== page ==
In all cases, from smoker to criminal, each person is held accountable for their own actions. God wouldn't judge someone for something for which they weren't responsible. If my dad were a murderer (he isn't, unless you count livestock), my siblings and I wouldn't be condemned for being related to him. As you've all probably heard by now from the unproductive Facebook reply wars, the Mormon church does not always operate by the same principle. Some people are punished (or rejected) for Adam's (or their parents') transgressions, despite it being against the church's second tenant.

The policy to deny children of gay parents membership in the church is commonly justified with: "What's the big deal? This isn't new; we already ban polygamist kids." Ironic that Mormons feel so justified in banishing this group of people, including their children, when Mormons were banished from several states or executed for practicing polygamy. The church predetermines the polygamist child's eligibility for acceptance into "God's fold" because of something they've not done wrong. If polygamy were a sin (perhaps they'll one day excommunicate the dead, starting with Joseph Smith), the children have not carried out that action and yet suffer the consequences. Should we not allow them to make that mistake before they pay for it?

This leads to the second, and more cruel, justification: "What's the big deal? They can get baptized when they're 18. If they die before then they'll just have to wait in Spirit Prison to be baptized. And it's not like Spirit Prison is hell." Perhaps that's true and it's like being stuck at the airport, uncomfortable and sad but not legitimate torture. Assuming that is actually the case, the parents (gay or polygamist) still would like their children not to wait in that place. They'd like to know their child has what they believe are the necessary ordinances to prevent that shitty time in the airport. By the way, those who are baptized into the church and try to be good people wait for judgement in Spirit Paradise, which I imagine is a lot like a country club in Switzerland. These children don't get Switzerland because their parents deserve LaGuardia.

I've also heard "What's the big deal? A lot of straight parents don't let their kids be baptized." This is very true but doesn't apply. In the case of gays and polygamists, the church tells the parents that even if parents support it, the child is not eligible for baptism. If a child from a Jewish family wants to get baptized Mormon and their parents consent, the church isn't the one saying no. Likewise if a parent who's been excommunicated for adultery agrees to their child's baptism, I've never heard of the church being the one to deny them. The church is now the party responsible for forcing the ultimatum between faith and family.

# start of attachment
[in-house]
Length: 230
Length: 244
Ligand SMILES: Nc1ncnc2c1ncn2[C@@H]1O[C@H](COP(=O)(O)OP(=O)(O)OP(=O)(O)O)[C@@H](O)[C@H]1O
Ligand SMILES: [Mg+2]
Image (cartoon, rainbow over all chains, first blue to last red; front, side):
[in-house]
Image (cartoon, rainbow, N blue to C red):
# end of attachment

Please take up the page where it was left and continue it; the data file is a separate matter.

Finally we come to the crux of the situation - what is it about polygamists and gays in particular that justifies the banning of their children, guilty of nothing? Someone said to me the other day: "Jewish families consenting to baptism is different because those parents don't actually believe the church. They think their kid and the church are nuts for believing. Polygamists and gays still believe in the church but want to change it. They're like a cancer destroying from the inside." I ended the conversation before it went further. I've already been compared to a pedophile, I didn't want to continue with a life-threatening disease analogy. The troubling part is that I agreed with their point.

Children of gay and polygamist families are a threat to the authoritarian nature of church leadership. The church says these families will put ideas into the child's head that are in direct conflict with the church's teachings. If enough children become members and stay in the church until adulthood, there will be more pressure for church to change policies, more pressure on members to question leadership. "The church is protecting the kids from being confused." The church is not protecting children by denying them entrance into its gospel. It's protecting itself from those children growing up and standing in defense of their families.

So this policy isn't acceptable because it also happens to polygamists, or because kids aren't banned forever, or because waiting in Spirit Prison isn't that bad, or certainly because parents can also choose to deny the child. This policy is wrong because the church determines a child's worth in the church based on another person's life and decisions. If only their parents were another sinner, their parents could consent to their baptism. If only their parents were another sinner, the church would likely grant them access to the gospel. As it is though, their parents are sinners who will raise their children to question. The ultimate justification for this is preventing a generation of believers who force leaders to see that their families, too, have a place in God's eternal family.